I heard on the news that Chinese tech workers were revolting and pushing back on these crazy hours that they’re expected to work—and that is huge. I would love to see more of it because I think we all get brainwashed, whether it is by our government or our tech executives about this arms race in tech. Ultimately, it might be great for the executives, but not for the average citizens. I work with our research fellow Raesetje Sefala and sometimes I remind her to enjoy her weekend—we’re not doing surgery, you know. Perhaps if I had started a company 15 years ago when I was in my 20s, I might have had a different attitude about it.
These big tech companies are run by highly-narcissistic men and the media and popular culture tend to glorify how they are, even if they are extremely disrespectful to people and drive them to the edge.
How did you land on the name “Distributed AI Research Institute”?
“Distributed” was the first word that came to my mind when I was thinking about having a research institute. When I worked at Google, the ethical AI team was very distributed—we had people in New York, Montreal, Johannesburg, Zurich, and in Accra.
It’s really important because there were just points of view and expertise you would never have had without a distributed team. I also didn’t want to uproot people from their communities, because where they’re situated has a lot to do with what knowledge they have and the perspective they offer. Generally speaking, distributed is usually more robust because you can’t just point to one person or one thing.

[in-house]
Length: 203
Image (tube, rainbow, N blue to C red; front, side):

In a recent Guardian op-ed, you outline a system where big tech controls philanthropy and influences the government’s agenda. Ultimately you argue that an independent source of funding is needed for this type of research to thrive. Where could it come from?
It could be the National Science Foundation getting more funding for AI research or maybe a separate National Artificial Intelligence Foundation that can fund critical work on AI from many different disciplines. What I caution people about is this: A lot of times, the money that the government gives out goes to the usual suspects who brought us here in the first place.
Your research has been a beacon for marginalized communities often ignored by Silicon Valley. How do you guard against tunnel vision in your work?
One way is through the distributed nature of the institute. We have to make sure to hire people with different points of view. Let me tell you that the most well-meaning people—people I really admire—still think of a white person when it comes down to who they want to hire.
To break out of that, you have to go to different conferences, different communities, and constantly ask yourself who you might be excluding. We have to ask who are the people we don’t really know. There will always be limitations and tunnel vision in some form, but I think you can combat that through self-reflection and taking a proactive approach.
What’s the biggest misconception about artificial intelligence?
For me, the biggest misconception is that it’s discussed in terms of fate—like it’s this external being that we have no control over. People need to remember that AI is something human beings create and something that we can shape in a way that doesn’t destroy society.